Yesterday The Stars Group, the ownership behind the monolithic PokerStars in the online poker world, announced some of the changes in their 2020 PokerStars Players’ Championship (PSPC) that will come up next August in Barcelona. Buried in the depths of that interview, PokerStars has announced that, after a 15-year run, that the PokerStars Caribbean Adventure will not be contested in 2020 and, effectively, is done as a tournament stop.

End of an Era – And of the “Golden Age” of Poker

In an interview with Lance Bradley of PocketFives that concentrated on the PSPC, The Stars Group spokesman Eric Hollreiser’s real announcement was buried at the end. In that story, Hollreiser is quoted as saying “It’s no secret that after 15 successful years, the PCA has been losing momentum and there’s been increasing player criticism of the location,” Hollreiser said. “As such, we will not be returning to Paradise Island in 2020.”

“PokerStars and our players have had some great success at the Atlantis Resort & Casino in the Bahamas over a strong 13-year run, and we have very many fond memories of ringing in the New Year with our PCA,” Hollreiser continued. “Our research, alongside player feedback, has shown, however, that it is time for a change to keep things fresh and give our players what they are asking for.”

The decision from The Stars Group is stunning in that the PCA has, essentially since the inception of PokerStars itself, been THE tournament that the company was known for. Originally contested aboard a cruise ship in 2004 and a part of the World Poker Tour, in 2005 the PCA found its home at the Atlantis Resort on Paradise Island in the Bahamas. The January play date for the tournament provided the poker world – and we do mean the WORLD – with a way for people from around the globe to trek to the Bahamas to “get away” from the winter doldrums for the first major poker tournament to kick off the year.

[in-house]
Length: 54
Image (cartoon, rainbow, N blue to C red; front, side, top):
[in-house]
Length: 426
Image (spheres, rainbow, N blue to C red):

Over more than a decade, the PCA gained notoriety for large prize pools and challenging tournaments. In many peoples’ views, it was a part of the “Grand Slam” of tournament poker, consisting of the PCA and the World Series of Poker Championship Event, the World Poker Tour’s World Championship (now a defunct tournament), the European Poker Tour’s Grand Final (ditto) and the Aussie Millions. The buy in for the tournament would fluctuate over the years, vacillating between a $5000 and a $10,000 buy in for its history.

While the poker community loved the PCA, the tournament was affected by the realities of the political world. The 2006 passing of the UIGEA, and the decision by PokerStars to continue to serve the U. S. market, saw the PCA become even more popular. But the 2011 indictment of the founders and executives of PokerStars and the resulting pullout from the U. S. market had a significant impact on field sizes in subsequent years. After peaking at 1560 players in January 2011, the 2019 version of the tournament “only” saw 835 entries.

PokerStars’ Reasoning?